If you’re trying to find ways to save money, are looking to renovate, or have a few other debts you want to combine into one monthly payment, you might be considering refinancing your home loan. Refinancing can be a good option in some situations, but it’s important to be aware that refinancing does come with some associated fees and costs.
People choose to refinance their home loan for various reasons, such as consolidating debts and using the equity in their home for a renovation or other big purchases. Other times, borrowers might choose to refinance to get a better deal on their home loan or switch to a loan that offers more features than their existing loan.
Whatever your reasons for refinancing, it’s essential to do your homework and make sure it’s the right decision for you.
How does refinancing your home loan work?
Whether you’re refinancing with your existing lender or with a different lender, you will need to submit an application and provide supporting documentation to prove your income and expenses.
Be aware that refinancing may affect your home loan term. For example, if you started with a 30-year home loan and refinanced after five years to another 30-year loan, you’re effectively adding five years to your loan, which will mean you pay more in interest over the long term. It’s important to balance this against any potential cost savings from refinancing.
Costs involved in refinancing your home loan
Costs and fees vary between lenders and different loan products, but as a rule, you can expect to pay some or all of the following costs when you refinance:
- Application fee: Sometimes known as an establishment fee, the application fee is a one-off payment to cover the cost of setting up your new loan.
- Settlement fee: The settlement fee covers the legal costs of settling a new home loan with the lender. You may also be charged a discharge settlement fee from your existing lender to cover the cost of administration and work involved in closing your loan.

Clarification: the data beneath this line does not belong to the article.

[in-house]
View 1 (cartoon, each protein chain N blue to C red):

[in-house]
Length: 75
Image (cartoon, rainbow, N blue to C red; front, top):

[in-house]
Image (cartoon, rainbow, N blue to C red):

- Mortgage registration fee: This is paid to the state or territory government for registering a new mortgage for the property and varies depending on the location.
- Valuation fees: Your lender may require you to get a property valuation, especially if you’re planning to borrow against the equity in your property. This means you may need to pay valuation fees.
- Break fees: This cost applies if you are on a fixed rate home loan. In many cases on this type of loan, you’ll have to pay an early exit fee if you leave before the end of your fixed rate term.
- Lenders mortgage insurance (LMI): If you’re borrowing over 80% of the total value of your property, you may need to pay LMI when you refinance. Not all lenders charge LMI – at Bluestone, we don’t, so always check carefully as LMI costs can be significant in some cases.
Should you refinance with your existing lender?
If you’re considering refinancing, it might be worth speaking to your existing lender as they may be able to offer you a better rate, especially if you’ve made all your repayments on time. In addition, refinancing with an existing lender may be more convenient as they already have your information and know your history.
Refinancing is a big decision, and it’s essential to consider it carefully to make the best decision for your financial circumstances. To find out more about refinancing with Bluestone, speak to our customer support team today.